The Daily Escape:
(Publishing of daily COVID-19 data is on hold while Wrongo tries to understand inconsistencies in the data)
Trump isn’t wrong to begin thinking about what comes next. At some point, we will again poke our heads out of our burrows, and feel the warmth of sunlight. We’ll attempt to resume the life we had before the virus struck. There are two risks in this: First, will we be back in the swing of things too soon? And second, what should we demand be different, given what the nation has experienced?
In Trump’s view the answer is simple. He wants most people back to work in time to have a robust economy come Election Day. He’s targeted May 1st as the start date for his governor buddies to begin revitalizing the economy.
Once again, the Trump administration is showing itself to be utterly incapable of dealing with this crisis.
He’s moving the country to re-open, despite warnings from public health officials and from most state governors. Here’s a germane comment on Wrongo’s Saturday’s column by long-time blog reader Terry McKenna:
“We really know so little. To begin with, we don’t know how the virus spreads. We are learning but that’s all. In the beginning, we guessed wrong that it was not spread by healthy (asymptomatic) persons. Doctors disagree over the size of the droplets that carry the virus. So we are almost like we were before we had the germ theory where all we can do it isolate.
Also “test” is a simplistic word. Which test? We need a test that tells a clinician that someone had the virus in his system, and a test with a fast result is essential. But a negative test means little, especially in a healthy (asymptomatic) person, because in the absence of a vaccine, that person could be infected next week or next month. So we need a test of antibodies – but even still, we don’t know how long immunity lasts.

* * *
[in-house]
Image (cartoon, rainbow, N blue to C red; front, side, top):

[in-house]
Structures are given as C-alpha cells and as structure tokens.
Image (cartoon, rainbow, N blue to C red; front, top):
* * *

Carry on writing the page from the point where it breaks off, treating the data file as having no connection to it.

And then we have the notion that the president can order the country back to work. Even if a business reopens, who will come? And yes, I know someone will, but imagine the NY Mets having their opening day May 15. Will anyone show up? And if they do, will we see a spike in sickness a few weeks later?
We need time for the science to do its work. We may get lucky, viruses do became less virulent over time (sometimes to re-emerge with vigor).”
A partial re-opening of those portions of the economy that are now shuttered is a risk both to the workers, and to the returning customers. Terry is right to ask if we’ll see a spike in sickness a few weeks later, and if we do, what will be Trump’s plan then?
Broadening out our view, many are starting to think about what needs to be different post-pandemic. As we emerge from this crisis, we have a rare opportunity to focus on change: Do we want a Star Trek, or Blade Runner future? A utopian, or a dystopian one?
As Viet Thanh Nguyen said in the NYT:
“Our real enemy is not the virus but our response to the virus — a response that has been degraded and deformed by the structural inequalities of our society.”
We have a once-in-a-generation opportunity to rebuild for tomorrow. Or will we just prop up the economic and political process that has given us today’s problems? As an example, if we don’t want sick and contagious people trying to go to work, America must have paid sick leave.
During the lead up to passing the CARES Act, Democrats in Congress recognized this, but at the behest of business lobbies, the Act exempted 80% of all workers, including all those working at firms with over 500 employees AND those working at firms with under 50 employees!
Here’s an illuminating chart:
And in America, add $600 for four months for 20% of our workers. This is post-Reagan America. Assistance to the poor and working class is given grudgingly, and with strings attached. The rich and corporations are showered in subsidies since they are too virtuous and important to let fail. MAGA really means “Make Americans Grovel Again”.
What has to die after Covid-19 is the myth that America is the best country on earth. We’re not as healthy as we thought we were. The symptoms — racial and economic inequality, callousness and selfishness, have been covered up by our unquestioned acceptance of American Exceptionalism.
We’ve lost our right to that view, despite the many, many small acts of heroism every day by health workers and all the “essential” hourly workers who face becoming infected every day.